While PwC U.S. and the Urban Land Institute’s “Emerging Trends in Real Estate Report 2022” reveals a robust real estate market driven by a booming economy, there is concern regarding a lack of affordable housing and the impact of climate change and inflation.
In the 111-page report, researchers concluded that how, why and where people shop is forever changed, and still evolving. The research was culled from surveying nearly 1,700 real estate industry experts, and explores “how the property sector has seen encouraging and unprecedented recovery from the COVID-19 pandemic,” PwC said in a statement.
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“The report highlights that flexibility, convenience and ultimately real estate’s resilience, can drive property sector function over the next decade,” PwC noted. “Consumer expectations of traditionally designed spaces have changed, and there will likely be a massive shift in the functionality of homes, offices, shopping centers and health care spaces.”
PwC and the ULI said real estate property markets, which were previously predictable, “will likely remain in a bubble of uncertainty.” However, the survey found that decision-making confidence has improved compared to last year’s report. “Three-quarters of respondents in the 2022 survey report felt confident making those same long-term strategic decisions compared to less than half in the 2021 survey,” PwC and ULI said in the statement. Those decisions will likely include more bullish real estate investments.
“Property investment is top-of-mind for institutional investors in both traditional and alternative sectors as risk remains low and rates stay attractive,” the authors of the report said. “Urban landscapes are facing change, as new land uses and updated zoning allows markets to evolve.”
The research found that these market conditions “remain under the cloud of climate urgency, prompting new ways of standardizing and measuring ESG requirements.” PwC and ULI said as businesses approach “environmental, social and governance issues in the property sector, it will be imperative to take a holistic approach and create a strong overall strategy — to help create sustainable advantage and value.”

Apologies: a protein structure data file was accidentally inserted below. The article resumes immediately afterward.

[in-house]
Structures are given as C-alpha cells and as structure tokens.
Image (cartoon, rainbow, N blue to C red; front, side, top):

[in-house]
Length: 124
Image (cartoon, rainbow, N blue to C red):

“There is clearly an optimism within the real estate industry for its prospects in 2022 and there is undeniably a weight of capital available for investment,” said Anita Kramer, senior vice president of ULI’s Center for Real Estate Economics and Capital Markets. “Yet the ground is shifting and we are seeing long-term and lasting changes in a range of key areas including the relative prospects for property sectors and locations, the extent to which we use various property types, and our attitudes toward the industry’s role in climate risk and decarbonization.”
Kramer said emerging from this is “the opportunity to lay the foundation for a new vision for our communities, one in which we repurpose obsolete buildings, reduce carbon emissions, and create more affordable housing.”
Byron Carlock, PwC partner and U.S. real estate practice leader, said an “abundance of investable capital, low-interest rates and continued demand for many product types has created a positive environment for our industry.”
“However, not everything is rosy, and real estate still has its challenges ahead,” Carlock said. “There are rising costs, pending tax reform, and new infrastructure spending that could impact the labor market. There are also various social issues, which the industry can take a leading role in helping to solve. Some of those include affordable housing, ESG-focused city planning, and neighborhood inclusiveness.”
“Retailers will need to continue to adapt to meet consumers where they want to be,” the report stated. “The major chains are investing heavily to upgrade all aspects of their e-commerce infrastructure, from the way products are merchandised on their websites to how items are delivered to customers.”
The report noted that shopping centers need to keep evolving. “Temporary outdoor dining will become a permanent feature,” the report said. “And people are going to continue picking up groceries and other items they purchase online, so retail centers need to provide more space for pickup.”
The researchers concluded that “retail will never be the same again.”